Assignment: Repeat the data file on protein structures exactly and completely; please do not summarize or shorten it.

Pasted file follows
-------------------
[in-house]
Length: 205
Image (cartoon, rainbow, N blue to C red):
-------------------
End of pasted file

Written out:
[in-house]
Length: 205
Image (cartoon, rainbow, N blue to C red):